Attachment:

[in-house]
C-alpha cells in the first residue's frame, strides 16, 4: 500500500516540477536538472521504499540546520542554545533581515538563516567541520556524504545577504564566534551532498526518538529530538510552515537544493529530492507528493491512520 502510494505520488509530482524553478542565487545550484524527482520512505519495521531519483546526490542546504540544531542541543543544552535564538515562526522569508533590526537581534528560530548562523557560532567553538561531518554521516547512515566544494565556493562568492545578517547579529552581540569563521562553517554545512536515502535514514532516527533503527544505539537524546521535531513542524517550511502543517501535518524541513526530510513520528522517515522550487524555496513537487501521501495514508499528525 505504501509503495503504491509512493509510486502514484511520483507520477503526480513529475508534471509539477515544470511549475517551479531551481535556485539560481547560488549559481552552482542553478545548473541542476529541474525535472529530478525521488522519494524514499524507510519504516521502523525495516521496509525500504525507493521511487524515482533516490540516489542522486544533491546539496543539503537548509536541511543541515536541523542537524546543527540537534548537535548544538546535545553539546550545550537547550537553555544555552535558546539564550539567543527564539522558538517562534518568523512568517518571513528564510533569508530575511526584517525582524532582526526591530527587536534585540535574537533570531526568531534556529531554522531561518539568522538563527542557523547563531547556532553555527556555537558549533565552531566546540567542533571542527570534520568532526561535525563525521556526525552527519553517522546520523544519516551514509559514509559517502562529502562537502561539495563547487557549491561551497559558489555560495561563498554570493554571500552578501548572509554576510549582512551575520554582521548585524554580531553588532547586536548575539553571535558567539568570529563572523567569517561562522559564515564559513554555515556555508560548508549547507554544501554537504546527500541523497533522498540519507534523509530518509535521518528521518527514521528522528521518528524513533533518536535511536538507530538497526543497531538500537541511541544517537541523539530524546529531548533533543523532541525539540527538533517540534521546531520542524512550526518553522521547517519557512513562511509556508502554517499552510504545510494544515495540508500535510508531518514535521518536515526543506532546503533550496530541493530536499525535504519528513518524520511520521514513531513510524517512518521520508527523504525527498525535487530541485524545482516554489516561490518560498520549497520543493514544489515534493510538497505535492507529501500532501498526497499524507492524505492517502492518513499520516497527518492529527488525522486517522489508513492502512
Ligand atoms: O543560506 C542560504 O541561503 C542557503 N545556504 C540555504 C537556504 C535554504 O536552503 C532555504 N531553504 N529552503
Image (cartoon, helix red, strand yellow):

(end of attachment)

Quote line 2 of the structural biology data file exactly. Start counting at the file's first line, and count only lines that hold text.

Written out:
C-alpha cells in the first residue's frame, strides 16, 4: 500500500516540477536538472521504499540546520542554545533581515538563516567541520556524504545577504564566534551532498526518538529530538510552515537544493529530492507528493491512520 502510494505520488509530482524553478542565487545550484524527482520512505519495521531519483546526490542546504540544531542541543543544552535564538515562526522569508533590526537581534528560530548562523557560532567553538561531518554521516547512515566544494565556493562568492545578517547579529552581540569563521562553517554545512536515502535514514532516527533503527544505539537524546521535531513542524517550511502543517501535518524541513526530510513520528522517515522550487524555496513537487501521501495514508499528525 505504501509503495503504491509512493509510486502514484511520483507520477503526480513529475508534471509539477515544470511549475517551479531551481535556485539560481547560488549559481552552482542553478545548473541542476529541474525535472529530478525521488522519494524514499524507510519504516521502523525495516521496509525500504525507493521511487524515482533516490540516489542522486544533491546539496543539503537548509536541511543541515536541523542537524546543527540537534548537535548544538546535545553539546550545550537547550537553555544555552535558546539564550539567543527564539522558538517562534518568523512568517518571513528564510533569508530575511526584517525582524532582526526591530527587536534585540535574537533570531526568531534556529531554522531561518539568522538563527542557523547563531547556532553555527556555537558549533565552531566546540567542533571542527570534520568532526561535525563525521556526525552527519553517522546520523544519516551514509559514509559517502562529502562537502561539495563547487557549491561551497559558489555560495561563498554570493554571500552578501548572509554576510549582512551575520554582521548585524554580531553588532547586536548575539553571535558567539568570529563572523567569517561562522559564515564559513554555515556555508560548508549547507554544501554537504546527500541523497533522498540519507534523509530518509535521518528521518527514521528522528521518528524513533533518536535511536538507530538497526543497531538500537541511541544517537541523539530524546529531548533533543523532541525539540527538533517540534521546531520542524512550526518553522521547517519557512513562511509556508502554517499552510504545510494544515495540508500535510508531518514535521518536515526543506532546503533550496530541493530536499525535504519528513518524520511520521514513531513510524517512518521520508527523504525527498525535487530541485524545482516554489516561490518560498520549497520543493514544489515534493510538497505535492507529501500532501498526497499524507492524505492517502492518513499520516497527518492529527488525522486517522489508513492502512